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Can Intangible Capital Explain Cyclical Movements in the Labor Wedge?

  • Fran?ois Gourio
  • Leena Rudanko

Intangible capital is an important factor of production in modern economies that is generally neglected in business cycle analyses. We demonstrate that intangible capital can have a substantial impact on business cycle dynamics, especially if the intangible is complementary with production capacity. We focus on customer capital: the capital embodied in the relationships a firm has with its customers. Introducing customer capital into a standard real business cycle model generates a volatile and countercyclical labor wedge, due to a mismeasured marginal product of labor. We also provide new evidence on cyclical variation in selling effort to discipline the exercise.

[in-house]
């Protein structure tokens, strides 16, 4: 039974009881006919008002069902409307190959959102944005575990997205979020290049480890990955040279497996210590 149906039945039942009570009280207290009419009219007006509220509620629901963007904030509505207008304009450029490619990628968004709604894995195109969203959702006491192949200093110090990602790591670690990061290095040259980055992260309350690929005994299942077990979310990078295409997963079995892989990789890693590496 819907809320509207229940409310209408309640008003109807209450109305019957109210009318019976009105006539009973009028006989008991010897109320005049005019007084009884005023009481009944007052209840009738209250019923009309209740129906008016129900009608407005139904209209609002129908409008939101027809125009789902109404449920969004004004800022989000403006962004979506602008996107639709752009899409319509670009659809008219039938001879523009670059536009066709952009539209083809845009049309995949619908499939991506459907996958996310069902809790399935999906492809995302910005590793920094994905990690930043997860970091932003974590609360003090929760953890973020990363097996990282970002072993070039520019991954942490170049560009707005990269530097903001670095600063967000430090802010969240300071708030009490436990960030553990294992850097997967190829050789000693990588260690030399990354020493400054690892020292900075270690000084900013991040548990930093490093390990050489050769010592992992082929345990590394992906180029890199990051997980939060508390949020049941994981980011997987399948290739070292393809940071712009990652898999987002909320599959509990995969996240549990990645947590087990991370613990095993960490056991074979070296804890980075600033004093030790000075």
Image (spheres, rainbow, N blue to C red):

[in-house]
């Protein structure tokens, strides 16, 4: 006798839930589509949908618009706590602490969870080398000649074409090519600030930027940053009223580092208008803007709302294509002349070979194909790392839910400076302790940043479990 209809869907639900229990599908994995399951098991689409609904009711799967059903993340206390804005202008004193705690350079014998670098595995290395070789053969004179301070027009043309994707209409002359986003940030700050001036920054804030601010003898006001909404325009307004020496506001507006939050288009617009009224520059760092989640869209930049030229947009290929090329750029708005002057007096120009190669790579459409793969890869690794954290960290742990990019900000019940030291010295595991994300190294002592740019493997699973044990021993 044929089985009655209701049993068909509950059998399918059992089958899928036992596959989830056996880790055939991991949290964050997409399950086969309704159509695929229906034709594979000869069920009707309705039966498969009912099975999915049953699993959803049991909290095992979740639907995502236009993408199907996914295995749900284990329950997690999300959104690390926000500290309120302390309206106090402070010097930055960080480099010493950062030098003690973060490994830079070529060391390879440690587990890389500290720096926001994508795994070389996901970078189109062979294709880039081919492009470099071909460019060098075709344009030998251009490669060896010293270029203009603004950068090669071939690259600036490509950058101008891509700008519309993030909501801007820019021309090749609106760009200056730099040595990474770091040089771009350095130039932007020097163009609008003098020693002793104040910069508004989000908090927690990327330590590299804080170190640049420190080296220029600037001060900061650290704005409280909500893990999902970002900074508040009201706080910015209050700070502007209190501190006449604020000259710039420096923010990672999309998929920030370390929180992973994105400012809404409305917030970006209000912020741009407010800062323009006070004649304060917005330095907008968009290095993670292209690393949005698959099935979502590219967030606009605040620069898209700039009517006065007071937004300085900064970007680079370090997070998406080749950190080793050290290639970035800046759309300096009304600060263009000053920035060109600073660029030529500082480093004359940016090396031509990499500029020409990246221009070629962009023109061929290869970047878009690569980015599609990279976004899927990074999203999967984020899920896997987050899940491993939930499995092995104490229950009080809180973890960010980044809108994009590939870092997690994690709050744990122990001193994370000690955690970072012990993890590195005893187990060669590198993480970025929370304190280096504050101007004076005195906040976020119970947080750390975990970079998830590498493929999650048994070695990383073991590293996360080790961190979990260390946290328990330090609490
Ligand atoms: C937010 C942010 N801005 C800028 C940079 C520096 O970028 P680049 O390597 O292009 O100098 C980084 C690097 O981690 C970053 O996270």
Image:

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Article provided by American Economic Association in its journal American Economic Review.

Volume (Year): 104 (2014)
Issue (Month): 5 (May)
Pages: 183-88

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Handle: RePEc:aea:aecrev:v:104:y:2014:i:5:p:183-88
Note: DOI: 10.1257/aer.104.5.183
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  1. Francois Gourio & Leena Rudanko, 2011. "Customer Capital," NBER Working Papers 17191, National Bureau of Economic Research, Inc.
  2. Ellen R. McGrattan & Edward C. Prescott, 2010. "Unmeasured Investment and the Puzzling US Boom in the 1990s," American Economic Journal: Macroeconomics, American Economic Association, vol. 2(4), pages 88-123, October.
  3. Hall, Robert E, 1997. "Macroeconomic Fluctuations and the Allocation of Time," Journal of Labor Economics, University of Chicago Press, vol. 15(1), pages S223-50, January.
  4. Robert Shimer, 2009. "Convergence in Macroeconomics: The Labor Wedge," American Economic Journal: Macroeconomics, American Economic Association, vol. 1(1), pages 280-97, January.
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